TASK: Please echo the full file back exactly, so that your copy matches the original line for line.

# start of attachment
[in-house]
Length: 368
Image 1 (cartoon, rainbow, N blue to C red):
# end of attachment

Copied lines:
[in-house]
Length: 368
Image 1 (cartoon, rainbow, N blue to C red):